Item description for Life on the Wire: Avoid Burnout and Succeed in Work and Life by Todd Duncan & Andy Andrews...
Overview Life is naturally imbalanced--some seasons require more work and others, more life. "Snorkeling at 10 A.M." teaches readers how to harmonize the 10 most common tension points that arise in their efforts to simultaneously work and live well.
Imbalance is natural.
The key is to make it purposeful.
In "Life on the Wire," "New York Times" best-selling author Todd Duncan challenges the status quo in search of a better, smarter way to work and live. He profiles several people striking out to find "balance." You'll meet an entrepreneur, a bartender, and an accountant, among others. You'll hear their stories, their challenges, their insights, and the critical lessons they learned.
Duncan contends the last thing we need amid life's inherent imbalance is another attempt at a how-to formula for perfect balance―equal parts work and life. In fact, he argues that such a holy grail does not exist. Instead, he has issued a more pragmatic formula he calls "purposeful imbalance" the process of purposefully leaning toward work without sacrificing life and purposefully leaning toward life without damaging your career. It is precisely the way a tight-rope walker makes his way across a one-inch rope without falling.
"I've always believed that when you're at work, you should work hard, and when you're at home, you should play hard. That's easy to say, but for a lot of people it's hard to do. In "Life on the Wire," Todd Duncan clears up the myth about the 'balanced' life and shows you how to rejoice in the purposeful--and planned-- imbalanced life."
--Dave Ramsey, Best-Selling author and host of "The Dave Ramsey Show"
"This book quickly shows you how to get more done, of greater importance, and less time, and dramatically increase the quality of your entire life."""
--Brian Tracy, Best-Selling author of "Eat That Frog "EO and founder of Todd
"Open these pages and discover practical yet potent advice for pursuing your dreams and living your life well "
--Glenna Salsbury, CSP, CPAE Speaker Hall of Fame, author of "The Art of the ""Fresh Start "and "Professional Speaker"
"Todd has really touched on an important perspective regarding 'Life Balance.' Timely and relevant . . . reading this book will give you a nice bit of personal peace."
--Terri Sjodin, principle and founder, Sjodin Communications
Promise Angels is dedicated to bringing you great books at great prices. Whether you read for entertainment, to learn, or for literacy - you will find what you want at promiseangels.com!
Studio: Thomas Nelson
Est. Packaging Dimensions: Length: 9" Width: 6" Height: 0.9" Weight: 0.85 lbs.
Release Date Apr 20, 2010
Publisher Thomas Nelson
ISBN 078521898X ISBN13 9780785218982 UPC 020049058039
Availability 0 units.
More About Todd Duncan & Andy Andrews
Todd Duncan, presidente de Maximum Impact en Atlanta, Georgia, es un conferencista motivacional que se especializa en ayudar a las personas a desarrollar mapas para el exito y para tener un mayor significado personal. Sus audio cintas, seminarios y libros incluyen "Ventas de alta confiabilidad" y "Cuando matas una venta", que han ayudado a millones alrededor del mundo a lograr todo su potencial. El y su esposa Sheryl, tienen dos ninos.
Reviews - What do customers think about Life On The Wire?
It's ok. May 19, 2010
Overall this book was ok. It is full of common sense advice, along with a few "real life" examples of how to use it.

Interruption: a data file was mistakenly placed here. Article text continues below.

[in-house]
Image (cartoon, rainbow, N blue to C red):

Practical Advice For Avoiding Burnout May 8, 2010
As a manager I was very interested in reading Life on the Wire by Todd Duncan. While I personally have a pretty good work/life balance (or purposeful imbalance to use the terms of the book), I have struggled to try to articulate how to do this to other people. It was my hope to learn something from Life on the Wire that I could use with the people on my team as well as my peers.
Like many books on leadership, Life on the Wire does not provide a tactical, task oriented checklist of things to do. It provides subjects that provoke thought in the reader and lead the reader on a journey of introspection. While Duncan does a good job at this, the core concept of the book is quite simple: prioritization. The book consists of ten chapters that look at different "tensions" one faces as a professional, e.g. "making money vs. making memories", "working hard vs. staying healthy", etc. He dedicates ten chapters to a different tension. In each chapter Duncan uses stories from people he has interviewed for the subject at hand. Then he illustrates how the tension plays out along with two tips for dealing with the tension. However, I sometimes found the tips hard to translate from the examples into my own situation. This was not a universal problem, and I would expect different people to have challenges with different tips. It is not an uncommon thing in a leadership book. I do think that there is enough substance here for thought and discussion with others on the topic. I'm looking forward to starting these conversations.
The book is a quick read. Even the busiest of people could finish it in ten business days by taking less than 30 minutes to read a chapter. I think it is a worthwhile investment of time.
Interesting Read, Useful, Focused On Work / Life Balance May 6, 2010
I thought this book was fairly interesting and provides some good advice about how to deal with the never-ending problem of balancing your work and personal life. Some of the chapters didn't seem applicable to me, so I skipped around a bit, and found some useful advice / observations.
I expected this to be more about burnout, which it talks about in the description and on the cover, and it does address it in the form of how to balance work / life, but it doesn't really talk about it directly. However, for what the book was actually about, it was good.